growing tomatoes from seedGrowing tomatoes from seed

Growing tomato plants from seed is a great way to discover new varieties and test your gardening skills. Tomato seeds are normally sown 6-8 weeks before the last frost date (March/April) but if you are lucky to have a greenhouse they can be sown earlier. Sprinkle your tomato seed thinly on the surface of good quality seed compost. Cover the seed with about 1.5mm (1/16in) of compost and water lightly with a fine-rose watering can. Tomato seeds generally take 7 to 14 days to germinate at a temperature of around 21C (70F).

Top tip: Keep your compost moist, whilst making sure you do not over water as this can encourage disease such as mould.

growing tomatoes in greenhouseGrowing tomatoes in a greenhouse

Growing tomato plants in a greenhouse can mean an earlier crop. For greenhouse tomatoes grow recommended varieties such as ‘Sungold’, ‘Money Maker’ or ‘Country Taste’. These tomatoes are generally sown from February onwards and in 7.5cm (3in) pots.

Plant young tomato plants when they are about 15-20cm (6-8in) tall and the flowers of the first truss are just beginning to open. If you are growing tomatoes in pots or a grow bag remember they will require a lot more watering and care. Plant approximately 45cm (18in) between the plants and 75cm (30in) between the rows. In a grow bag, generally plant no more than two plants per bag. Make sure you ventilate the greenhouse regularly to reduce the risk of pests and diseases. Tomatoes prefer a temperature of 21 – 24C (70 – 75F) and will perform poorly at temperatures above 27C (81F) or below 16C (61F).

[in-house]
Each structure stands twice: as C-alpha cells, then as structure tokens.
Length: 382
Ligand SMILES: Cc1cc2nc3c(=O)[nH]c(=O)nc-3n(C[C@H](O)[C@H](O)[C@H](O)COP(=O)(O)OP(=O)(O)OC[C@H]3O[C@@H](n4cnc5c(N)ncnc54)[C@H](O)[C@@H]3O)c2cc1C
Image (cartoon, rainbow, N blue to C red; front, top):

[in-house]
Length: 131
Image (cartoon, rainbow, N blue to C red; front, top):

Growing tomatoes outside

When growing tomatoes outside, choose recommended varieties such as ‘Gardeners Delight’, ‘Money Maker’ or ‘Sweet Olive’. You can grow varieties such as ‘Cherry Cascade’ or ‘Tasty Tumbler’ in a flower pouch or as hanging basket tomatoes.

Top tip: Wait until approximately 6-8 weeks before the last frost is forecast and sow as directed on the individual seed packet in 7.5cm (3in) pots.

When all risk of frost has passed, plant the young plants when they are about 15-20cm (6-8in) tall and the flowers of the first truss are just beginning to open. If you are planting into your border make sure you have dug in plenty of garden compost or manure during the winter. Just before planting, rake in a general purpose fertiliser – tomatoes are hungry plants!

Plant approximately 45cm (18 in) between the plants and 75cm (30in) between the rows. If you are growing tomatoes in grow bags or pots remember they will require a lot more watering and care. In a grow bag, generally plant no more than two plants per bag. There has been a recent trend for growing tomatoes upside down to save space in the garden. This is a great space saving solution similar to growing tomatoes in hanging baskets. Simply plant a young tomato plant through a hole in the bottom of a bucket or similar hanging container, and fill the container with multi-purpose compost. Suspend the bucket from a bracket and allow the plant to hang down beneath it.

You can also watch our youtube video How to grow tomatoes here;

Terri Overett
Terri works in the e-commerce marketing department assisting the busy web team. Terri manages our blog and social media pages here at Thompson & Morgan and is dedicated to providing useful advice to our gardeners. Terri is new to gardening and keen to develop her horticultural knowledge.